I’m not entirely sure what Brian Azzarello is up to in “First Wave.” The mini-series is halfway over and it’s not completely clear what the plot is. There are lots of smaller plots involving the various pulp and pulpy superhero characters, but what they add up to and have in common is still a mystery for the most part. Yet, that doesn’t concern me, because Azzarello is clearly weaving a web of plots that show signs of converging soon, possibly in Hidalgo. But, why and what exactly is going on haven’t been explained. It’s an interesting slow build as it works against expectations and how these stories are usually structured. The pacing and build feel more organic and smooth here, lacking the usual ham-fisted manner of throwing a bunch of characters together.
The pacing of the comic continues to be unique with most scenes only lasting two or three pages, with Azzarello often using an overlapping piece of dialogue to push things forward. This issue has Batman enter the story in a substantial manner, investigating the return of Clark Savage, Sr. after he, well, died. At the same time, the Spirit and Doc Savage continue their problems with the Blackhawks over cargo in their charge that the Spirit swears was the body of Savage, Sr. All of the characters seem to be dancing around the same territory, but the truth behind it all is unknown.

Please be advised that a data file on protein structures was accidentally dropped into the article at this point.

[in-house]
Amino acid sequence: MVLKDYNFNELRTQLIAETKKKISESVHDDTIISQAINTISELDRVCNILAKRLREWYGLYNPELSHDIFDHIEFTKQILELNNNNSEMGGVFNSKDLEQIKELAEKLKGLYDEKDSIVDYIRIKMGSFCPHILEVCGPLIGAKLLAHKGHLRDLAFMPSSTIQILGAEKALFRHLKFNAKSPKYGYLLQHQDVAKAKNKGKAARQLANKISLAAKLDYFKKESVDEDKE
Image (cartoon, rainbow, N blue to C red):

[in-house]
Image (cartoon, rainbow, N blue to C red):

Since this series is meant to be a world-builder, Azzarello also devotes time and effort to making sure we get a sense of the context in which these characters are working. Before we see Batman proper, we’re told of him busting up an illegal casino and learn of his methods of operation. Azzarello also plays off earlier issues well with Dolan playing the good cop at an inopportune moment that shows just how crooked he is. With such a wide range of characters and scenes, the story seems big and epic, the sort that you want from this type of book.
I’ve criticized colorist Nei Ruffino’s work on the series before, but she isn’t as overbearing in this issue, pulling back quite a bit as the issue progresses. The colors look more integrated with Rags Morales’ art, especially during an action scene near the end of the issue involving Batman and Clark Savage, Sr. The colors are flatter and darker, mirroring the flattened emotional tone that the scene requires.
Morales’ art is less consistent here than on previous issues, but still good. In some places, characters look abnormally cartoonish, but he absolutely nails the facial expressions of characters like Bruce Wayne, Savage, Sr., and the Blackhawks. One page where Savage, Sr. beats a man to a bloody pulp is chilling, because of the calmness that Morales communicates.
The slow build of “First Wave” is beginning to pay off despite much of the story still remaining a mystery. But, the central focus is almost apparent and the characters are all mired in interesting and intriguing stories. With half of the series over, it will be interesting to see how Azzarello pulls it all together for a satisfying payoff.